- Hardcover: 250 pages
- Publisher: Encounter Books; 1 edition (April 14, 2008)
- Language: English
- ISBN-10: 1594032130
- ISBN-13: 978-1594032134
- Product Dimensions: 6.4 x 1.2 x 9.3 inches
- Shipping Weight: 1.5 pounds (View shipping rates and policies)
- Average Customer Review: 4.5 out of 5 stars See all reviews (30 customer reviews)
- Amazon Best Sellers Rank: #720,484 in Books (See Top 100 in Books)
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Willful Blindness: A Memoir of the Jihad Hardcover – April 14, 2008
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From Publishers Weekly
In this annotated retrospective, the prosecutor responsible for leading the investigation of Blind Sheikh Omar Abdel Rahman and others involved in the 1993 World Trade Center bombing dissects the miscues between federal agencies that led to that event while laying bare the challenges facing the war on terror today. The pre-1993 comedy of errors begins with the CIA's decision to funnel arms and money to Afghanistan during the Soviet-Afghan war and continues with inexplicable lapses of communication between the State Department and immigration officials (despite having been placed on a State Department terror watchlist, the sheikh travels freely to the United States). The most enduring oversight, however, at least from McCarthy's perspective, is the refusal among academics and political leaders to confront fundamentalist Islamic tenets, the 800-pound gorilla that is somehow always in the middle of the room when terror strikes. The jihadist philosophy that guided the Blind Sheikh is traced through generations of Islamic thinkers to the Prophet Mohammed himself. Though McCarthy's language is at times cumbersome, his firsthand account of jihad's rise and the sheikh's trial of the century is an important contribution (and in some instances, counterpoint) to existing literature on the attack that foreshadowed disaster to come. (Mar.)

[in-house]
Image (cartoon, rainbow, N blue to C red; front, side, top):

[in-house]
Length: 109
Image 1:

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Top Customer Reviews
McCarthy, a talented writer, draws deep insights from his experience into the shortcomings of prosecuting terrorists as criminals. He ends with a thoughtful exposition of the disconnect between national security and criminal law. He is a voice of clarity, reason and experience in the dialogue now going in America on issues of law and national security.
What makes Andrew McCarthy's book a must read for everyone is that he is not a journalist telling someone else's story. He is the lead prosecutor in the case against the perpetrators of the first World Trade Center bombing in 1993, and this is his first-hand account of that high-profile prosecution and the events leading to it.
After reading Willful Blindness the inescapable conclusion is that all of the societal structures that are supposed to serve us have broken down. The Intelligence Agencies failed to warn us; Law Enforcement failed to protect us; the Press failed to understand the implications and meaning of the events they reported on; the Courts, obsessed with legal abstractions, mis-judged the very real danger we faced; our political leaders were too timid, self-absorbed, and focussed partisan advantage to fulfill their first and most fundamental obligation: to defend the nation above all else. Only the Military, our last line of defense, has succeeded in raising the shield. Yet, even now their efforts to protect us are underminied by those same elements of society that so singularly failed in their past duties.